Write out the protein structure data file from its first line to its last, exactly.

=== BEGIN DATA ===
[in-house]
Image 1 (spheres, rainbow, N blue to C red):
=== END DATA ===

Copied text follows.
[in-house]
Image 1 (spheres, rainbow, N blue to C red):